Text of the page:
* The purpose of this case study is to analyze and provide recommendations based on information presented in our Critical Incident scenario. In the scenario, Mr. Laird, a sixth-grade teacher, is to map a plan of action to accommodate for a new student in his class with epilepsy (Gollnick & Chin, 1988). To assist Mr. Laird in formulating a plan, I would remind him to consider addressing the following four key elements: 1. Creating a comfortable and engaging learning environment for Chris and those of her/his classmates. 2. Classroom awareness of Chris’ medical condition and that it is painless to Chris and that it is not contagious 3. What classmates could expect to see in the event Chris has a seizure per Ms. Chong’s description. 4. Informing and posting steps with actions students are to take to assist Chris in the event he has a seizure in class or while at school.
* Based on information provided in the Critical Incident report, I would first inform school administration of a plan to conduct epilepsy awareness education and training that afternoon. Upon completion of epilepsy awareness education and training, with Chris and his family’s consent via written correspondence, I would inform the class of Chris’ condition the following school day after recapping the lesson from the previous day. * Upon initially meeting with Chris, I would ask what medication, if any, Chris was currently taking, how often, and when was his/her last dose. Additionally, I would ask if s/he would be opposed to helping with conducting epilepsy education and whether, if the opportunity arises, s/he would be comfortable with discussing her/his condition with the class after completion of the lesson block.
Furthermore, so I can possibly alleviate a seizure or be able to identify onset of a seizure, I would ask him/her if any particular activity or sensory conditions tend to trigger seizures, as well as any behavioral signs or cues that may indicate s/he is experiencing initial stage of a seizure * With approval and consent mentioned above during initial introduction and integration into the class, to prevent possible stigma, or undue attention to Chris’ medical condition, I would introduce him/her to the class just like any other and then go on with planned lessons for the morning. Until completion of epilepsy awareness education and training that afternoon, I would ensure Chris is visually monitored throughout the day. * In the afternoon, after reminding Chris about my plan for epilepsy education and training, I would pose the class with a question whether anyone has a family, relative, or friend with a medical condition known as epilepsy.
Although students may not know medical terminology, I would guide the discussion and perhaps assign homework, if short on time, to research the unique conditions, description, characteristics, and steps to take in the event one was to encounter someone having a seizure. If discussion does not stay on a desired course, I would recommend describing to the class that it is a medical condition that sometimes causes people to faint and sometimes convulse (shake uncontrollably), and lose control of bodily functions. More than likely, a child in the class other than Chris, knows of someone who have “fainting spells” (seizures) due to a condition which can causes abnormal brain electrical activity – similar to a computer locking up when one forces it to perform too many program functions in a short period of time. Students should be reminded that experiencing someone having a seizure might be disturbing or frightened to one who has never observed an episode. * Discussion and homework should lead to students’ awareness of symptoms and characteristics as described by Ms. Chong and the following steps to take in the event of an episode: If you see encounter someone in class experiencing a seizure: 1. Remain Calm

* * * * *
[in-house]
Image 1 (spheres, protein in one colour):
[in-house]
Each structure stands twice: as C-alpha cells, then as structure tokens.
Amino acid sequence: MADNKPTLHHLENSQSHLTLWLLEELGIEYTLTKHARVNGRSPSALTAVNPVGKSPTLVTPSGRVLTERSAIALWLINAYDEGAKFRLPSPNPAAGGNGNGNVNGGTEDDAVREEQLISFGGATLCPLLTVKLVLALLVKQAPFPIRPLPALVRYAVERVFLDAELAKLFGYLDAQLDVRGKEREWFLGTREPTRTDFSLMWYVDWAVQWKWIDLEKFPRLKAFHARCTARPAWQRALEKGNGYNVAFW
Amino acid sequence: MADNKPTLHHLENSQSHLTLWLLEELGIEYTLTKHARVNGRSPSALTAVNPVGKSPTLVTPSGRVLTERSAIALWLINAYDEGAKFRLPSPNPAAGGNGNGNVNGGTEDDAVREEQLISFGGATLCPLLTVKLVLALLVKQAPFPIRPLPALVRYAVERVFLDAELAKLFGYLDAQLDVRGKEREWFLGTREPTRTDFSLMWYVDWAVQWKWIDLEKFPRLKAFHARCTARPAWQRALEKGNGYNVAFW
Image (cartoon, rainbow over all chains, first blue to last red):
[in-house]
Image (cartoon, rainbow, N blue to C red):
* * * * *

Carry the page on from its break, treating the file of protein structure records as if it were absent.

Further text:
2. Alert the teacher
3. Teacher instructs students closest to move desks/chairs to create enough space to safely lie down. 4. Teacher instructs students closest to the door to go next door to ask teacher to inform school medical personnel 5. Teacher instructs remaining students to remain calm and sitting at their desks 6. One student put something soft under the fainting subject’s head as teacher gently roll the person onto one side 7. Loosen tight clothing
8. Don’t put anything in the mouth – the tongue can’t be swallowed and objects placed in the mouth can be bitten or inhaled. 9. Don’t try to restrain the person.
10. Note any medical alert bracelet, which may indicate an emergency contact person and other information. 11. Note how long the seizure lasts.
* *The above is a modified version of steps provided by referenced Mayo Clinic website * In summary, I recommend Mr. Laird planning awareness education, training and rehearsing actions as stated above. Based on Mr. Laird’s knowledge of his students, I recommend he plan age-appropriate awareness education, post easy to understand steps, and perhaps periodic rehearsals (similar to fire drills).
Gollnick, D. and Chinn, P. (1998). Multicultural education in pluralistic society (5th ed.). Upper Saddle River, NJ: Merrill/Prentice Hall
Mayo Clinic (2013). Grand mal seizure. Retrieved from: